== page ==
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Like a lot of other people I’ve used the extra time I have during the lockdown to do some more training!! And with no pools open and no gyms I’ve ended up doing a bit more cycling on my turbo.

And boom….week 1 and I’ve given myself my first lockdown injury.  Saddle sore! Partly because I haven’t done much on my turbo over the winter, also I have a new time trial saddle I’m not used to and also because turbo training is sweaty and with it getting a bit warmer it’s been even more sweaty.

So here are some tips for trouble shooting and preventing saddle sores.

  1. Check your shorts and cycling tights. Make sure they fit properly and that the chamois (the pad) is not worn out.
  2. Chamois cream. Use some chamois cream. Put it on your bits – everywhere AND on your shorts. It’s a bit like using nappy cream and isn’t very pleasant at first but you get used to it and don’t notice it as soon as you start cycling.
  3. Check your training. Be careful that you haven’t done too much too soon. Your bottom needs to adapt to training in the same way that your legs do.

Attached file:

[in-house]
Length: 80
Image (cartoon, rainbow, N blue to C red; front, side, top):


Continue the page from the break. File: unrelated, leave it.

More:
4. Turbo training is very static and lots of it will definitely cause more problems with saddle sore. Strategies are keep your turbo sessions shorter or mix up with indoor and outdoor riding. If you’ve got long rides to do perhaps do a bit outside and bit inside.
  5. Change bike: if you have several different bikes then maybe try using a different one that has a different position and saddle so the pressure is in different places and gives your bottom a break.
  6. Check your bike fit. Saddle height, angle and position can contribute to a sore bum so it’s worth investigating. You could do it yourself with a tape measure and spirit level and you might find some simple adjustments that help. Ultimately having a professional bike fit is the best answer and is usually really helpful.
  7. Check your saddle. If you’ve done all this and are still suffering then it might be time to look at another saddle. Especially if you’re just using the saddle that came with the bike. This is especially relevant for women who are often not using female specific saddles which are a different shape and can often help. Saddles are like buying shoes or jeans and is very personal. But there are lots of other options out there and it’s well worth exploring.
  8. Get help: If you have persistent saddle sores then get them treated with advice from a pharmacist and then your doctor.